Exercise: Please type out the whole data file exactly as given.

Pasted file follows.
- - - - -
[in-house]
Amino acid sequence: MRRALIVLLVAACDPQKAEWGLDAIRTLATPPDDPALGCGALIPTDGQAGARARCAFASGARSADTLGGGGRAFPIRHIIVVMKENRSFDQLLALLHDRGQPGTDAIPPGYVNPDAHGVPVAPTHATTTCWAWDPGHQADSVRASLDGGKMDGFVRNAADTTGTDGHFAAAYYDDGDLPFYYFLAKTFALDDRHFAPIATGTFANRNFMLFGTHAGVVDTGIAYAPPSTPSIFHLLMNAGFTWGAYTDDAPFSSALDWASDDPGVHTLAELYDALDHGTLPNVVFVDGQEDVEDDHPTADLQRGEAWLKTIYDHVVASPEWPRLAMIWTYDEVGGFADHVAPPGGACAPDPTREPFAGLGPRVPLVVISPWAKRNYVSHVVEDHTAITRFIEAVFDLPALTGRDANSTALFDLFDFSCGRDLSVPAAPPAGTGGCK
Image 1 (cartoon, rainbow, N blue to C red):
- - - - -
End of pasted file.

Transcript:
[in-house]
Amino acid sequence: MRRALIVLLVAACDPQKAEWGLDAIRTLATPPDDPALGCGALIPTDGQAGARARCAFASGARSADTLGGGGRAFPIRHIIVVMKENRSFDQLLALLHDRGQPGTDAIPPGYVNPDAHGVPVAPTHATTTCWAWDPGHQADSVRASLDGGKMDGFVRNAADTTGTDGHFAAAYYDDGDLPFYYFLAKTFALDDRHFAPIATGTFANRNFMLFGTHAGVVDTGIAYAPPSTPSIFHLLMNAGFTWGAYTDDAPFSSALDWASDDPGVHTLAELYDALDHGTLPNVVFVDGQEDVEDDHPTADLQRGEAWLKTIYDHVVASPEWPRLAMIWTYDEVGGFADHVAPPGGACAPDPTREPFAGLGPRVPLVVISPWAKRNYVSHVVEDHTAITRFIEAVFDLPALTGRDANSTALFDLFDFSCGRDLSVPAAPPAGTGGCK
Image 1 (cartoon, rainbow, N blue to C red):